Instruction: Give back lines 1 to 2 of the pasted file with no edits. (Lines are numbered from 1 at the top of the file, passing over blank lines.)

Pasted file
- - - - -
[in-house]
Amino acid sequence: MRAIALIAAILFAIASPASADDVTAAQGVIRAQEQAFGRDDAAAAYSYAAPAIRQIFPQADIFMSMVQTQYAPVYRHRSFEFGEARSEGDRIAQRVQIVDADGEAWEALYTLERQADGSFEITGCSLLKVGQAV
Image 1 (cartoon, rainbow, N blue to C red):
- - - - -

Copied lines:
[in-house]
Amino acid sequence: MRAIALIAAILFAIASPASADDVTAAQGVIRAQEQAFGRDDAAAAYSYAAPAIRQIFPQADIFMSMVQTQYAPVYRHRSFEFGEARSEGDRIAQRVQIVDADGEAWEALYTLERQADGSFEITGCSLLKVGQAV